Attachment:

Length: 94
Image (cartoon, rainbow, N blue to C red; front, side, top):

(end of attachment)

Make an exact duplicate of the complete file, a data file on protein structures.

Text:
Length: 94
Image (cartoon, rainbow, N blue to C red; front, side, top):